The Nakhoda Masjid itself was named after the Kutchi Memon community and was developed out of an existing mosque, named Zakaria Mosque, that the Haji had founded, writes Chakrabarty. Zakaria was a powerful member of the community and owned a firm called the ‘Haji Jackariah Mahomed and Company’. He was also the secretary of the Indian Trades Association in Calcutta and also an individual whom the British turned to for advice when the first Factories Act for India was being drafted, which was later passed in 1881.
By the time one of the first instances of widespread communal violence affected the Hindu and Muslim residents of Zakaria Street in 1910, the Haji had died.
Largely a Muslim bustee before rich Muslim landlords began selling sections of land along that street to wealthy Marwari traders from Rajasthan, many poor bustee dwellers in what later came to be known as Zakaria Street, found themselves abandoned by their Muslim landlords and subsequently displaced by Marwaris who now owned the plots of land. It wasn’t that the Muslims were completely ousted from this street; wealthy traders and shopkeepers still owned their homes and properties, not swayed or enticed by realtors and landlords.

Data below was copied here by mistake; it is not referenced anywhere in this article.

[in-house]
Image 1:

Following the riots of 1910, Bengali political leaders explained the violence as agitation between Hindus and Muslims, and through the intervention of community leaders and local police, the violence was stemmed. But the simmering resentment and anti-migrant feelings, particularly for the community from Rajasthan became so spectacularly wealthy, remained.